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View Full Version : Any earring makers use surgical steel?


sassybird
03-15-2004, 06:36 PM
I have a lot of sterling silver earings that I've been told can not be cleaned since they hold either semi precious stones, or they have other enhancements that would be affected by jewelry cleaners. What I would like to switch over to is surgical steel hoops, french hoops ect.....

TheBlueBetween
03-15-2004, 09:51 PM
I've been wondering how surgical steel would sell. It sure would be easier to keep clean than sterling. I've also been wondering about white gold as an option. But then it's expensive to make and buy as well...

Neatneatneat
03-15-2004, 09:58 PM
I have a lot of sterling silver earings that I've been told can not be cleaned since they hold either semi precious stones, or they have other enhancements that would be affected by jewelry cleaners.

Are the stones claw set or glued, and what are the enhancements?


What I would like to switch over to is surgical steel hoops, french hoops ect.....

Most of the more modern jewellery for Body Art is either implant quality surgical steel or titanium.
cheers,

sassybird
03-15-2004, 10:18 PM
There are a lot of people that need hypoallergenic metal like the surgical steel, I think it would sell well. I love silver, some of mine is in a claw setting, and others glued. Some of the jewelry is over 30 years old, and I don't want to lose them.

Neatneatneat
03-15-2004, 10:29 PM
There are a lot of people that need hypoallergenic metal like the surgical steel, I think it would sell well. I love silver, some of mine is in a claw setting, and others glued. Some of the jewelry is over 30 years old, and I don't want to lose them.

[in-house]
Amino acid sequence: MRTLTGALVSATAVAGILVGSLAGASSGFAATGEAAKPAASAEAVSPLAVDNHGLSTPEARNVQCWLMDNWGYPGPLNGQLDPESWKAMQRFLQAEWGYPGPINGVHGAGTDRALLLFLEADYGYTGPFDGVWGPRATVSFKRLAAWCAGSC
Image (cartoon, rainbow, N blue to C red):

I've not come across jewellery that can't cleaned. For surgical steel or titanium (which has replaced surgical steel in medicine to an extent) try your local body piercers, if you have one.
Watch out for very cheap deals though, I was offered some very cheap imports from Thailand, had a goldsmith chum check them out under a microscope and they were so pitted to effectively be porous.
cheers,

sassybird
03-15-2004, 11:50 PM
Thank you very much for that information. We have a place in my tiny town that does tatoos and body piercing. I will definitely go over and talk to them. I imagine that their products are tops because word spreads fast in a small town when someone is trying to scam the public:)

lunamoonshadow
03-16-2004, 12:07 AM
I use surgical steel on my "cheapie" earrings--rather than plated metals or nickle silver. Makes for more sales to kids, when mommy knows it isn't going to turn their ears green!
I find most grown-ups won't pay for surgical wires on "quality" beads/stones though--it's seen as "inferior" if it isn't sterling--go figure! I do keep some with me for quick changes for anyone who requests surgical wires though!
As far as cleaning sterling--if it's just the wires--you can use Tarn-X just dampened on a q-tip--it's how I clean all my wires--even if they're on pearls--just DON'T GET IT ON THE BEADS!!!
Otherwise, a jewelers Rouge-cloth or Sunshine Cloth will take most of the tarnish/dirt off without hurting most stones--I'd be super cautious with opal, pearl, or very soft stuff (turquoise too!)--but with care they can be cleaned successfully!